“You know, I felt like as long as we can keep this within a 10-point game, we still have an opportunity in the end to come back through,” Addazio said. “We moved the ball down the field and we got in field goal range … Well, we didn’t hit the three and then after that, I thought we got a little bit sideways.”

BC showed promise early, going on a seven-play, 75-yard scoring drive right off the bat that was capped by a two-yard AJ Dillon touchdown. Then, on Kansas’ second play from scrimmage, Stanley badly overthrew his receiver and Mehdi El Attrach picked it off with ease. The Eagles settled for a field goal despite the prime field position, but Boumerhi looked promising with a 40-yard field goal to stretch the lead to 10-0.Kansas answered, though, as its third drive of the game reflected what was to come. The Jayhawks drove down the field, and Stanley found a wide-open Jack Luavasa on a seam route for his first touchdown pass. BC extended its lead to 17-7 as Anthony Brown found his own tight end—Korab Idrizi—for a 20-yard score.

The Jayhawks’ offense was off and rolling, though. Hudson Hall punched in a one-yard touchdown on the next drive, and after BC’s Brown caught a touchdown pass from C.J. Lewis in a trick play identical to the “Philly Special,” Kansas found time to answer before the half. With just 40 seconds left in the half, Herbert took an inside handoff for 82 yards to set up a Parchment touchdown reception. That handed Kansas a 28-24 lead, one that it would only build on as it rolled through the second half.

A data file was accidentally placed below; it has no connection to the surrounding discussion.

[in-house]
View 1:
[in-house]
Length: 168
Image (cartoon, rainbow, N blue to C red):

“Backbreaker. Yup, no doubt,” Addazio said of Herbert’s lengthy run, in which the secondary seemed unaware at one point that he was running free. “We’re in man coverage, we had a run blitz on … Bizarro. I don’t know what happened on that run blitz” 

Miles challenged his defense to further step up in the second half, and that they did. While BC’s offense was struggling, the Jayhawks were moving the ball with ease. Kicker Liam Jones, despite the snap being bobbled, buried a 24-yard field goal to open the second-half scoring. When the dust finally settled, Jones had hit another 30-yard field goal while Williams and Herbert both had rushing touchdowns to power Kansas to a 24-point victory.

It was an ugly, ugly loss for Addazio and the Eagles, who simply seemed to give up in the second half. It was far from the effort that anyone expected after a 2-0 start to the year that featured a win over Virginia Tech. Quite simply, it’s hard to see a worse loss—other than perhaps the 3-0 setback to Wake Forest in 2015—for Addazio, and it’s certainly one that will have his job status seriously in question moving into Week 4.This story is being updated.

Featured Image by Jonathan Ye / Heights Editor

Bradley Smart
About Bradley Smart 387 Articles
Bradley is the sports editor for The Heights. He believes that America does truly run on Dunkin, baseball teams should always wear stirrups, you can't outrun a bear, and being down 3-1, in anything, is never cause for concern. You can follow him on Twitter @bradleysmart15.